Thomas Rayfiel: “I deal with sentences in the tens of thousands. I am made dizzy by them. By the end of a book, I know each one, its history, its transformations. My brain teems with their rhythms, their placement, their brothers and sisters, their opposites . . . But in poetry the unit is the line, which strikes me as fundamentally different. In a line, words are suspended like particles. Their individual properties are revealed, their chemistry. Some pulsate like stars. Others vibrate in a magical stillness, flaunting their crystalline structure. When they do interact, there is not the rush of a sentence but two creatures encountering each other, unsure if they are the same species, or if the other is even alive at all.”

Roger Reeves: “An impasse in my work normally means that I am not unconscious enough in the writing.”

Jean Rhys: “All of writing is a huge lake. There are great rivers that feed the lake, like Tolstoy and Dostoyevsky. And there are trickles like [myself]. All that matters is feeding the lake. I don’t matter. The lake matters. You must keep feeding the lake.”

Adrienne Rich: “Writing is renaming.”

Wendy Richmond: “Rather than seeing a blog as flat, I realized that it is a window to many dimensions, because it allows viewing, listening, categorizing and commenting on the pieces that each of us are creating and collecting. Our blog is seen primarily by us, plus a few colleagues. [In the future] our blog may be discarded, encyclopedic or something in-between. For now, it is serving my most important purpose: supporting the development of a body of work.”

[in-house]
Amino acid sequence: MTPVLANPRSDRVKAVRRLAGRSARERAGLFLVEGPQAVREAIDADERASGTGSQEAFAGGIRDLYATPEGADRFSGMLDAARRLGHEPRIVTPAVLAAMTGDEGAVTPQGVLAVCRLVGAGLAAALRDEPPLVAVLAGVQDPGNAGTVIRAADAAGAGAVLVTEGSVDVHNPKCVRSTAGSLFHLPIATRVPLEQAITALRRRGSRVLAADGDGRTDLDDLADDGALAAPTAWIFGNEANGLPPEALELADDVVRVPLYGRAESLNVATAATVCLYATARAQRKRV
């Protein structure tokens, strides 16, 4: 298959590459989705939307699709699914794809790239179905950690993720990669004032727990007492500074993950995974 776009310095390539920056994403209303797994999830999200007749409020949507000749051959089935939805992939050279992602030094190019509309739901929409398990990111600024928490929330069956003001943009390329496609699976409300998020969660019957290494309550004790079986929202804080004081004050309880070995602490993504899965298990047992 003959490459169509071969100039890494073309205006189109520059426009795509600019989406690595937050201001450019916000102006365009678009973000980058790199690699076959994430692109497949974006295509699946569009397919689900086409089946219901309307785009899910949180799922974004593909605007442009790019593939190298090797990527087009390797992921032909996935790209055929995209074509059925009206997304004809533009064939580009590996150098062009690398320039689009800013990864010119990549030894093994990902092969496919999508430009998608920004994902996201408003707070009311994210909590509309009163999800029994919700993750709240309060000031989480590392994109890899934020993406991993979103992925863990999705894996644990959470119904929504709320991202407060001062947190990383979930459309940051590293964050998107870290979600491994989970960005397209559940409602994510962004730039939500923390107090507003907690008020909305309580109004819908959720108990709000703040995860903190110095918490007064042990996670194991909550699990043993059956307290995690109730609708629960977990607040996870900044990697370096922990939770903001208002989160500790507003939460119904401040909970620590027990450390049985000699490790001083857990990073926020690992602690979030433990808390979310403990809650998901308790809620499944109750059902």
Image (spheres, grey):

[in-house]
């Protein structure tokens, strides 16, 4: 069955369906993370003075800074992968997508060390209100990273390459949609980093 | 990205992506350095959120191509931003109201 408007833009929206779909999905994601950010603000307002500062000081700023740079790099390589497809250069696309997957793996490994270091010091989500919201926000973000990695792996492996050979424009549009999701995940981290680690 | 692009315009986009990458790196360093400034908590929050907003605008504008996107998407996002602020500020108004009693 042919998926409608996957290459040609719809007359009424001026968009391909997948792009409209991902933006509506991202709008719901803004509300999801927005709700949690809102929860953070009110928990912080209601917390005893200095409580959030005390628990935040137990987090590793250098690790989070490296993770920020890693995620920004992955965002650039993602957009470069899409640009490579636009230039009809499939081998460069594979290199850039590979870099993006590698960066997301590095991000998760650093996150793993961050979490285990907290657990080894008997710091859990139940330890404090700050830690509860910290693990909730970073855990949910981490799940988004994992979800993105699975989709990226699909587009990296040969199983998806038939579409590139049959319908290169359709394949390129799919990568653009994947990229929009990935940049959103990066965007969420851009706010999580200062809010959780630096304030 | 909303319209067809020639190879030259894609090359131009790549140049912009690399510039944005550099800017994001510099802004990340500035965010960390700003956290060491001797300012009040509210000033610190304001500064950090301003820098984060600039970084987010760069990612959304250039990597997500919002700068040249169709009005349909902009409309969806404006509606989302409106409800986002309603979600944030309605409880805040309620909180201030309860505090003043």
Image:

Keith Ridgway: “I like writing out of confusion, panic, a sense of everything being perilously close to collapse. So I try to embrace the fiction of all things. And I mean that—everything is fiction. When you tell yourself the story of your life, the story of your day, you edit and rewrite and weave a narrative out of a collection of random experiences and events. . . what we actually live, what we actually experience—with our senses and our nerves—is a vast, absurd, beautiful, ridiculous chaos. ”

Roxana Robinson: “A writer is like a tuning fork: We respond when we’re struck by something. The thing is to pay attention, to be ready for radical empathy. If we empty ourselves of ourselves we’ll be able to vibrate in synchrony with something deep and powerful.”

Bruce Holland Rogers: “Writing, like all of life, follows made-up rules. Some rules are useful. Some are outmoded or meant for someone else.”

J. Allyn Rosser: “That charged-up, pulse-racing attention you can give to the literature you most love now will teach you more about how to write well than the texts you sigh listlessly over, checking your watch and seeing if the mail has come or the tea water is boiling yet.”

Philip Roth: “In most professions there’s a beginning, a middle, and an end. With writing, it’s always beginning again. Temperamentally, we need that newness.”